Folding frame provides a sacrificial surface for cutting large sheet goods, drilling, routing, sawing, and more.
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The genesis of this tip was my desire for a safe, inexpensive surface for breaking down sheet goods and long boards. Moving big pieces over my cabinet saw is more difficult than cutting them with a track saw or circular saw. This folding frame provides the sacrificial surface I was looking for, and also turns out to be a great place for drilling, routing, cutting with a jigsaw, etc.
Made from a few lengths of solid wood or plywood, joined with common hinges, the frame folds out to sit securely on sawhorses, placing its top surface at an ergonomic height for all sorts of handheld power tools.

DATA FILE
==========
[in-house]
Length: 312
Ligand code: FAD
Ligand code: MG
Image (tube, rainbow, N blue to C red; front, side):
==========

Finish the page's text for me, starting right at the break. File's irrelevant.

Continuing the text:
At 72 in. by 30 in., fully extended, it’s large enough to support a full sheet of plywood or MDF, and the ends can be folded in to collapse the frame for smaller workpieces (or collapse it completely for storage). Whether the frame is partly collapsed or fully extended, optional 2x2s drop into notches along the top to support cutoffs. Folded flat, it hangs on a wall in my shop and is very easy to transport.
Sized to match the height of your tablesaw, this cutting frame could double as a foldaway outfeed table in a small shop.
—ROBERT KIRKENDALL, West Linn, Ore.
Illustrations by Dan Thornton From Fine woodworking issue #295
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